5. The Characters: Besides having a really great hero and heroine, the supporting characters in this book were great. I was having an internal battle trying to decide if I was more in love with Rory or Aeas as supporting characters. Not sure that I decided which, but I do have to say, the epilogue made me laugh and cry. (and it has to do with Rory, so he might have won the battle.) I love to mention the characters I love, but my goodness, she can make you really hate some characters, too. The only word I can come up with to describe the antagonist is “despicable,” (and not in the cute “despicable Me” way.) But last of all when talking about the characters, I simply can’t leave out that I truly feel awful for the poor wolf that got pepper sprayed. To this day I think about that pup and just want to join in its pitiful yips and whines.
  6. The Settings: I swear, I felt like I was traveling the world as I read this book. The settings were absolutely beautiful, and stunningly described.

Whew. Now that the list is over, just a few more things and then I’ll let it be.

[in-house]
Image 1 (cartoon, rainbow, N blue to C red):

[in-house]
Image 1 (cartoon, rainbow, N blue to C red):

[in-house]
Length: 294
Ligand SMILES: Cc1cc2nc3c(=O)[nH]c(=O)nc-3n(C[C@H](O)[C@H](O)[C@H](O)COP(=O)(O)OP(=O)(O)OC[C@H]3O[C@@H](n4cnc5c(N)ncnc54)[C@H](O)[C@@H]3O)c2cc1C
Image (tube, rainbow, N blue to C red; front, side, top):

There is only one major complaint I have about the novel. I personally felt like the journey leading up to Psyche’s final task was too long and drawn out. Don’t get me wrong, the descriptions and setting were beautiful, and I actually had the opportunity to ask Michelle a few questions and think I understand the reason for the rather drawn-out journey, but I found myself feeling extremely bored in those couple of chapters. The ending is worth slogging through them, though, and here’s why…

She’s a princess.

Yeah. It’s a YA novel. Like, every girl becomes a princess, right?

Well that’s not what I said. She doesn’t become a princess. I said she IS a princess. The whole book long.

I’ll try not to give too much of the ending away, (but seriously, it’s a romance. If I tell you they lived happily ever after I’m sure you won’t be surprised.) So I’ll just say it. They live happily ever after. And at one point near the very end, Psyche stands up and commands people–just like a princess. When I read that scene I had to stop and think for a moment. Was she acting out of character to give such royal commands? Where did she learn to be a princess and act like that?